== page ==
Imagine some idiot sitting around in 2050 and sending out query letters that reads something like this:

Dear Superstar Agent,

Larry Plotter is a wizard but doesn’t know it…

That’s what I did SIXTY TIMES!

That’s me.

Dan. The idiot.

I wish that I had written my queries in crayon and sent them on the back of post cards with a return address to ‘Wee Britain’. I wish that I had been content to print my manuscript and wait another ten years to start rewrites in the hope that I might read more of Heinlein’s work between now and then. I wish at the very least that I had used a pen name and had worn a fake moustache when querying just to throw the agents off my trail of ignorance. I wish for so many things right now that if I listed them all, this blog post would never end.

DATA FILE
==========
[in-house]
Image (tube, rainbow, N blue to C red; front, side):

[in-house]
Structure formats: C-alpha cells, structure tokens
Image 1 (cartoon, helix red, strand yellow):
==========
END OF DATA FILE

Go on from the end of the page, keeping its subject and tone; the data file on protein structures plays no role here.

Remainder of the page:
Who knows, maybe the agents I queried didn’t equate 'Moonfire' with Heinlein’s book. Maybe they really did reject Moonfire because my writing is horrible and the story is pedestrian and boring. Maybe nobody passed my email around the office so everyone could have a good laugh at the idiot querying a forty year old award winning novel. Maybe…

That being said, I have a copy of 'The Moon is a Harsh Mistress' now and will begin reading tonight. Based on some book summaries I’ve read, it appears that Moonfire has very little in common with Harsh Mistress. At this point, all I can do is read and hope that I really, honestly and truly just stink at writing and that nobody else made this connection. But, if a dimwit like me can make it, odds are somebody else has already.